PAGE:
Before Gnomedex recedes too far, I wanted to post about what was by far the standout experience of the conference for me and, I imagine, many others present.
Derek K. Miller is a longtime Canadian blogger who lives in Vancouver. I encountered his writing at Penmachine several years ago the way bloggers often discover one another — he’d linked to a post of mine, I saw the referrer, I checked his site out and liked it. I’ve followed Miller’s blog sporadically over the years but hadn’t read it in a good while, and so I missed his news earlier this year: he’d been diagnosed with colorectal cancer. Since then he has written with honesty and openness about his ordeal. He’s using his blog at once to keep his community of friends and relatives up to date and to give a wider audience a little window onto the nature of this experience, which in our culture frequently gets hidden from view.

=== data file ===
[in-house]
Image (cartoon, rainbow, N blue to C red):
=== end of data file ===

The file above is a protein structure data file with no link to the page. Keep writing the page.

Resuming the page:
Apparently he’d been slated to give a talk at Gnomedex, but he’s still recovering from an operation, so making the trip to Seattle wasn’t in the cards. Instead, he spoke to the conference from his bed via a video link, and talked about what it’s been like to tell the story of his cancer experience in public and in real time. Despite the usual video-conferencing hiccups (a few stuttering images and such), it was an electrifying talk.
This wasn’t about peddling a new product or handicapping startups or any of the usual conference fodder. It was a moment for everyone present to think about mortality, strength in the face of adversity, and the ways that resourceful people find to forge strong human connections with our little technological tools.
(I haven’t been able to find a posted video of the event, but if I do, or if someone posts a link in comments, I’ll add it!)
[tags]gnomedex, gnomedex 2007, derek miller[/tags]